E Pluribus Unum. Out of Many, One. When our forefathers included this expression on the Great Seal of the United States, they surely must have been looking ahead to our “50 songs for 50 states playlist.” Like the many distinctive landscapes and diverse communities that make up our remarkable republic, the vast variety of artists and genres featured in our carefully curated playlist make for a surprisingly unified soundscape of proud Americana. So throw some meat tubes on the grill, light a minor explosive or two, and join us for an upbeat, musical road-trip from sea to shining sea.
Who makes the cut in this most patriotic of playlists? Firstly, you will find plenty of folk and country musicians (they’re always singing about traveling from Point A to Point B, after all). Johnny Cash, alone, recorded enough state-centric tracks to fill up half this playlist, but we wanted to keep a strict one-song-per-musician rule, so he, Patsy Cline, Lacey J. Dalton, Phil Ochs, Waylon Jennings, Merle Haggard, Marty Robbins, John Denver, George Strait, and Arlo and Woody Guthrie (son representing Oklahoma and pops right behind with Oregon) are all held to one entry a piece.
The same rule goes for our influential jazz, blues and soul musicians, including Muddy Waters, Albert King, Andre Williams, Ella Fitzgerald and Louis Armstrong. Ray Charles produced an entire state-themed concept album, but we chose only the best known track from that record, “Georgia On My Mind” (which also happens to be one of the few somber inclusions on our playlist; on the principle of having a good time, we eliminated any track that killed our buzz. So take a hike, “Nebraska” by Springsteen, and “Louisiana 1927” by Randy Newman).
The only exception to our one-song-per-musician rule is a surprising one: Judy Garland, who pops up twice for show tune odes to Connecticut and Missouri. Missouri is also one of the few states that gets the reductive treatment, wherein we chose a song about a particular city to represent the whole (in this case, “Meet Me In St. Louis”). In the same vein, the whole of Maryland is represented by Nina Simone’s “Baltimore”, Nevada by Elvis’ “Viva Las Vegas”, Tennessee by Paul Simon’s “Graceland”, and a handful of others. We get most reductive with Washington State, where Macklemore and Ryan Lewis’ tribute to the Mariners, “My Oh My”, feels like a fitting representation of that sports-centric state. A few songs don’t mention their states at all, but provide enough detail to paint the picture: “Delaware Slide” by George Thorogood, “Island Style” by John Cruz, “Born on the Bayou” by Creedence, and “Simple Life” by Dressed for the Occasion fit the bill.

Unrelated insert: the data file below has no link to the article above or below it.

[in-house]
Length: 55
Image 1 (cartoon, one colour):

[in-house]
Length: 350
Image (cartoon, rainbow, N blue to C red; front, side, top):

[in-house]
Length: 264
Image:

The remaining tracks of the playlist are a complimentary mix of classic and indie rock, with a sprinkling of hip-hop to keep things interesting. Of course, “Weird Al” Yankovic is included as is fellow accordionist and pal, the late, Frankie Yankovic (no relation).
The most difficult decision came early, debating if the aww-shucks-dismissiveness of “Sweet Home Alabama” (an otherwise obvious inclusion) would be inappropriate in light of our ongoing national conversation regarding the Confederate flag. On the other end of the spectrum, Neil Young’s finger-waving moralism in “Alabama” seemed a little too heavy for the 4th of July. We decided to chuck both and go with Phosphorescent’s celebratory “It’s Hard To Be Humble (When You’re From Alabama)”. Neil Young does eventually make the list with our only instrumental track, “The Emperor of Wyoming”.